It was one of the most touching moments of the ceremonies surrounding former President George H.W. Bush as he lay in state in the Capitol Rotunda: WWII veteran and former presidential candidate Bob Dole insisting on getting out of his wheelchair so he could salute the casket of his former commander in chief.
With the help of an aide who wrapped his arms around him and lifted him to his feet, 95-year-old Dole, who has long suffered from war injuries, stood and saluted.
It was an unforgettable scene, but conservative radio talk show host Rush Limbaugh pointed out on his show Tuesday why it was far more powerful — and unexpected — than most people may realize.
“Despite all that we’re hearing about civility and sophistication, the rivalry between Bob Dole and George Bush for primacy in the Republican Party when it happened was as deep and filled with rancor as most any rivalry you’ve ever heard of,” Rush explained.
“The things that Bob Dole thought he had worked for and had earned, he routinely saw Bush get, and he saw himself be undercut,” he continued.
So for Dole to use every ounce of his strength to pay his respects to his former rival that way “was the most incredible thing.”
“He insisted on standing. He insisted, no matter that he couldn’t do it. He demanded,” Rush said. “Even when he began to fall back, you could see him shake his head and tell his aide, ‘No.’ They propped him up.”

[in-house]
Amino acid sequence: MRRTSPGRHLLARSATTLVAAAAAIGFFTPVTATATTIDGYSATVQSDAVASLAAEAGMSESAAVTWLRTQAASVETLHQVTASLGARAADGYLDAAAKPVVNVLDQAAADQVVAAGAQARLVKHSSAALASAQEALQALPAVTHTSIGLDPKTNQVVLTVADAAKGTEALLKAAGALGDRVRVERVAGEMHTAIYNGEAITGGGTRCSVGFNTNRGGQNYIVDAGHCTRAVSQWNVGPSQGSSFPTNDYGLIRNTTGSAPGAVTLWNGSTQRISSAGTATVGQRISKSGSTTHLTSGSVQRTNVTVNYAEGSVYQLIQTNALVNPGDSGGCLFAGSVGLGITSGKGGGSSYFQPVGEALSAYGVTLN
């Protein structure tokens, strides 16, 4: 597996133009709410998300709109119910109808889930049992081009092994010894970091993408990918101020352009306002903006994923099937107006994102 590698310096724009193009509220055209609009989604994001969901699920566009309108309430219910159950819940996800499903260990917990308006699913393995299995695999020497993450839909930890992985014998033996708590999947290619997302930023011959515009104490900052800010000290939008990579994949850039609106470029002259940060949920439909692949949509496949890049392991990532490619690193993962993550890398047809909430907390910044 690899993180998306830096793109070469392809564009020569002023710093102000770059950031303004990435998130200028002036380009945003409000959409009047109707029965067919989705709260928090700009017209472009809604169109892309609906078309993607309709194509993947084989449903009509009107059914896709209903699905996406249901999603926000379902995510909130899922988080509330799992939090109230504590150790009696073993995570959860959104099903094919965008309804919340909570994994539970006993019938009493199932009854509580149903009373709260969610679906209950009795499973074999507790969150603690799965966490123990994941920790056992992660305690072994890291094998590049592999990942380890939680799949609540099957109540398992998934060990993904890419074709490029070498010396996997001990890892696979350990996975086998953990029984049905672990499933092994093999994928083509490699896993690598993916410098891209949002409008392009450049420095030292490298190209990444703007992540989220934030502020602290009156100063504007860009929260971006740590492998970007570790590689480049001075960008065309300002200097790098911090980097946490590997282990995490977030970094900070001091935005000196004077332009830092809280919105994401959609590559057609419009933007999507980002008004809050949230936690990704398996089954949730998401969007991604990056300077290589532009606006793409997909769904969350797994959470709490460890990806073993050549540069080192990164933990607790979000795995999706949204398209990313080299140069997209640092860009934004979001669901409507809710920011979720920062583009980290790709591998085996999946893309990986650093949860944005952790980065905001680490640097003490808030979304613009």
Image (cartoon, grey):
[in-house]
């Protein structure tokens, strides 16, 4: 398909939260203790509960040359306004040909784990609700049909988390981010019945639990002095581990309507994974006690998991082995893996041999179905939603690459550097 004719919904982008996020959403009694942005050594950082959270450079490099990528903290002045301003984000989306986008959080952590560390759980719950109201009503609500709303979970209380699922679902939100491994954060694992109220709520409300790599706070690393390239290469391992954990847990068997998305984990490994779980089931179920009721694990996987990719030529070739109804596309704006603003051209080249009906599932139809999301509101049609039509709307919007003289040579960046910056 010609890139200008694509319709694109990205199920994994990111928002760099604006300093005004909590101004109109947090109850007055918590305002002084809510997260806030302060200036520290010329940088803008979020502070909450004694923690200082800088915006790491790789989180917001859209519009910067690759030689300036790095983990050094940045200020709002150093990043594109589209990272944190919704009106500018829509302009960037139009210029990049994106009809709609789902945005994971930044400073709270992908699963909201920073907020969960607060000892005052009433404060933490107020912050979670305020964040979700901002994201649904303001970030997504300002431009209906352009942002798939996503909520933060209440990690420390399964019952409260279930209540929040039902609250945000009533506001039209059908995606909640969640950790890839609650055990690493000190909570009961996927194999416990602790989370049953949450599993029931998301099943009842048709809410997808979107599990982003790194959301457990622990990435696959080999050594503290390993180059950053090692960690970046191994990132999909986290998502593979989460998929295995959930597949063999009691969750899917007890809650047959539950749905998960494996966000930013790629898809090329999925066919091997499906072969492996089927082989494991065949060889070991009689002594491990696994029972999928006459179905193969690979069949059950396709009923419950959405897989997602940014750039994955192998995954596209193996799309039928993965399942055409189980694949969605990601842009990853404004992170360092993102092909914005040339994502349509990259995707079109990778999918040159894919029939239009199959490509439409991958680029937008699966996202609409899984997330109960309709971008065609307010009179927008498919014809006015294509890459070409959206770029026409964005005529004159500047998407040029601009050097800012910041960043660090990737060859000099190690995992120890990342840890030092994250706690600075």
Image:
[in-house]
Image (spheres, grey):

“Bob Dole didn’t come from anywhere near the background George H. W. Bush did,” Rush explained. “Bob Dole came from Kansas.
Bob Dole was injured in World War II, but was never treated as the conquering hero that George H. W. Bush was. Bob Dole lost the ability to write and to use his right arm in a war injury. George H. W. Bush lost nothing when he was shot down. He was rescued and saved.”
“It was these kinds of things that made up the rivalry,” he pointed out. “But throughout it all, there was a mutual respect.”
“I can’t emphasize that enough: He cannot stand up. He is forever relegated to his wheelchair,” Rush said. “It was really touching. It was really something to see. I hope somebody on cable news replaying this today knows something of the backstory to make this little incident today what it’s worth.”
“This is not just some elderly Republican senator showing up to honor a fallen Republican president because that’s what you do. This was deeply personal,” he added.
Rush concluded: “It was a sign of the respect they both had for one another after all of the wars and after all of the battles were over and they had been spent and there was no more any need for the rivalry. It was a mutual respect relationship, and Dole personified it today. But the kind of determination that he showed and the kind of commitment that he showed — the look on his face —